Non profit funding veterinary services for pets

The Runyon Canyon Rescue Dog Hike

Exercise, Socialize and Publicize!

These are the goals of our Runyon Canyon Rescue Dog Hike!

The hike is held 2-4 times per week at Runyon Canyon in Hollywood, California. On Saturday November 11th we had a special group join us from Soho House West Hollywood! A great group that was loads of fun, and we even got a few foster offers, which we CAN ALWAYS USE! But hey, enough text! Just watch this video we made of the day to see what it is all about!!

When George Met Sally…

A “Tripod” and a “Prego” Pup!

Let’s start with pregnant Sally first. We need the most help with her, as she is going to have puppies soon, probably within 1-3 weeks of this post (posted Nov 4th). Can you foster her during birth and the first 8 weeks of puppies (whelping)? Do you know someone who could?

UPDATE: Faith has arranged a rescue to take Sally! Yeah! Mutt Hut Rescue will be taking her, she will have her pups there, and they will whelp them and get them adopted. More info will be posted on our Facebook page as we get it!

Faith Easdale got a call about her hanging out in a neighborhood in Rialto, CA, usually under a particular tree, but also playing around with neighbor dogs. People did leave food and water for her, but no one was willing or able to take her in. Fortunately a good samaritan got in touch with Faith before she was picked up by animal control, or worse, forced to have her puppies in a ditch or something out in rough!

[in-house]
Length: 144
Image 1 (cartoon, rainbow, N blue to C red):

She is a very sweet girl, and very young. We doubt she is much over 1 year in age, and are sure this is her first litter. As you can hear in the video below (ultrasound) Dr. Sidhu identified 5 heartbeats, so there are clearly 5 puppies, and there could be more:

She can have her puppies at the vet, or in foster, but she can’t whelp them at the vet, it is too long and they do not have that type of space. HELP! If you can, or have a line on someone who can, please email and let us know!

Then there is George